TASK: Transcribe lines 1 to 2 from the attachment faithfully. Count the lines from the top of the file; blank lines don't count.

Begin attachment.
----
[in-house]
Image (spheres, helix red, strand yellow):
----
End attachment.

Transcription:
[in-house]
Image (spheres, helix red, strand yellow):